St. Patrick’s Day at The Old Brogue
The Old Brogue’s 35th anniversary celebration will take place on St. Patrick’s Day, March 17. The Snuggery (Katie’s Coffee House space) will offer five seatings for a sit-down 3-course meal and music by Pennywhistle from County Donegal, Ireland. Reservations are required.
The St. Patrick’s Day Pub Bash next door begins at 10 a.m. and features three bars serving traditional Irish beers, live music all day by Ted Garber, and the $10 cover charge includes an official 2016 commemorative button. For more information or to make reservations, call The Old Brogue at 703-759-3309.
Mike Kearney opened The Old Brogue in Great Falls on St. Patrick’s Day in 1981. In preparation for the restaurant’s celebration of 35 years as a Great Falls Village institution, Kearney commissioned an oil painting by local Great Falls artist Begoña Morton to celebrate the restaurant’s Irish roots.
“While this painting reflects our Irish heritage, it also is a celebration of our community as it is a neighborhood collaboration,” Kearney said. “The painting and its creation is a meaningful way for us to commemorate our 35 years in the Great Falls community.”
The inspiration for the painting began with a large window frame Kearney rescued from a Great Falls residence undergoing renovation. The frame sat in Kearney’s garage for more than two years while considering how to re-purpose it. It was during an Arts of Great Falls exhibit of Morton’s oil paintings in the restaurant’s Katie’s Coffee House that Kearney decided to commission a painting to be framed by the window.
A native of Spain, Morton moved to Great Falls from Belgium in 2006. She studied classical oil paint technique in Spain and with the Arts of Great Falls.
Kearney, Morton, Limerick-born restaurant manager Frances Duggan and John Conway, chef at The Old Brogue for the last 14 years, poured over photos of the Irish countryside to select areas, sites and landscapes of personal significance, as well as recognizable highlights of the Irish landscape.
Conway, a native of County Wicklow, Ireland, selected several of that region’s geographical and historical sites. The Wicklow Head Lighthouse to the right in the painting on Ireland’s east coast, has been in Conway’s family history for four generations and his mother is still the housekeeper at the Lighthouse’s bed and breakfast.
“Begoña brings to life images that are our memories of the Irish countryside and our families,” comments Conway. “The entire landscape does not exist in reality but within each pane is a memory that is meaningful to each of us in a different way.”
Morton meticulously planned the painting so that each windowpane contains its own Irish vignette. According to Morton, “the creation of this painting has been a labor of love for each of us. After identifying the sites and landscapes we wanted to depict, I felt each image needed to be able to function on its own within a pane, as well as in unity with all of the other vignettes when the painting is viewed as a whole.”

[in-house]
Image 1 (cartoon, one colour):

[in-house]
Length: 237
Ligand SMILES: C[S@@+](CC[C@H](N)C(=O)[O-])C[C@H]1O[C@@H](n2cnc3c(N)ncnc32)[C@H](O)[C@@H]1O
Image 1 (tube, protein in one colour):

The mountains of Glenveagh National Park located in Northern Ireland line the top of the painting and are where Kearney spent many days hiking. “Ireland’s Glendalough Lake does not actually lie at the base of these mountains but the way it is depicted in the painting you would never know otherwise. It just makes sense,” added Kearney.
Also depicted is Ireland’s famous Glendalough village, which typifies the beauty and rich history of small Irish villages.
Duggan selected the colorful Irish cottages depicted near the bottom of the painting and the cobblestone fence that traces a path across the canvas. “These images are distinctly Irish and can be seen throughout the country,” Duggan said.
Most agree that the painting’s most popular image is of the sheep at the lower right. Morton wanted an element that would be particularly appealing to children and was inspired by her own children’s response to viewing Old Master paintings in museums. “Traveling with my children through museums, I noticed they were always immediately drawn to the animals depicted so I wanted to make sure I had an image to appeal to even the smallest diners,” Morton added. “Although, I think they ended up being everyone’s favorite, which is fantastic.”
Great Falls resident and cabinetmaker Sam Thompson created a custom frame to surround the window’s frame and safely enclose the canvas.
Kearney opened The Old Brogue in the space previously occupied by an ice cream parlor. The bar counter is a recreation of the original ice cream parlor bar and the freezer in The Old Brogue is the original used to store ice cream.
“My father was born in Belfast, and my grandfather ran several restaurants and inns in Ireland. I wanted to open a pub that reflected my Irish roots. For the last 35 years at The Old Brogue, we have tried to bring the unique Irish spirit and cuisine to Great Falls. We want everyone to feel a little bit Irish the minute they walk through the door and when they see this painting, I believe they do.”
For more information about Begoña Morton and to view her artwork, visit www.begonamorton.com.
Lisa Colburn Stewart writer and food blogger at www.familyandforks.com.